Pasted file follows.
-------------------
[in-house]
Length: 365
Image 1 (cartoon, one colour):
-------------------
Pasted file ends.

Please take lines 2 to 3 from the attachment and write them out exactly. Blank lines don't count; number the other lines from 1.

Length: 365
Image 1 (cartoon, one colour):